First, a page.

Practice makes perfect. There are certain elements of communication that you want to encourage your teen to practice now until it they become second nature. Waiting until you are interacting with adults, have a college or job interview is not the time you should be thinking about basic communication skills. These are the things your teens can begin to incorporate into their daily interactions, so when the situation holds weight, they can focus on the message they are trying to deliver, as oppose to their delivery.
Formal speech has given way to colloquial talk, which does not necessarily make the best impression in situations that count. If your teen can learn to relay a juicy incident without having to rely on slang words and dialect, they are equipped to sound intelligent in conversations where they may be being observed.
Great diction has also gotten lost in our super relaxed culture. However, if your teen can incorporate the habit of putting the endings on words and enunciating each syllable in every word, they are sure to stand out among their peers. Clear speech is what helps people to sound polished and intelligent.
Using better word choices is another way to come across as well educated. Big unfamiliar words are not what is being referenced here, just better words. For example, you can say, ‘stuff like that’ or ‘things of that nature’. Using a little more thought and expanding the vocabulary to words and phrases that are more refined inherently create a better impression.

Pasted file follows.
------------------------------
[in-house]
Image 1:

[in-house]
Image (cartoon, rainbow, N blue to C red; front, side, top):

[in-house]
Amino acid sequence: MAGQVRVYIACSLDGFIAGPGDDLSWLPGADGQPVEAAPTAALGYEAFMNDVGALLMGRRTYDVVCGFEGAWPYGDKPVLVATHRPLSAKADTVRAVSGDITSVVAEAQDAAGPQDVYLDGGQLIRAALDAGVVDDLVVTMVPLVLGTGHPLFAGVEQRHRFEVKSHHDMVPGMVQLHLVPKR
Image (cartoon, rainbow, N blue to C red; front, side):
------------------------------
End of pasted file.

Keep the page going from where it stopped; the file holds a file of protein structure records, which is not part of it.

Learning to use their voice is also important to come across as confident. This means speaking so that people can hear you, at a pace that is easy to follow. It also includes tone of voice and inflection; these small nuances make a huge difference in the way people interpret what you say.
Lastly, being cognizant of your body language is critical. Young people who develop self-awareness, make good use of eye contact and demonstrate positive body language are noticed. When you couple that with an ability to communicate well, you become privy to doors of opportunity.
Learning to engage in conversation with adults is the goal. Engaging is more than ‘yes mam’ and ‘no sir’. I have noticed in the Bahamas we teach our children to add these titles when speaking to adults, but they do not know how to converse. Your teen’s ability to engage in a respectful dialogue with an adult is way more important than simply adding handles when it comes to making an impression.
You not wait until they have a special interview, help them to develop these essential skills now. People are observing and opportunity is everywhere; you never know who is watching that can assist your teen in accomplishing their goals.
If you are interested in how your student can participate in my communication workshop for teens, send me an email for details.
• Kim Welcome is the chief executive officer and founder of Influential Voice. She assists businesses and professionals to develop deliberate, skillful, polished communication skills to increase their impact and influence. Her clients range from the country’s largest and most prestigious employers to public figures and individual professionals. Feel free to contact at firstname.lastname@example.org.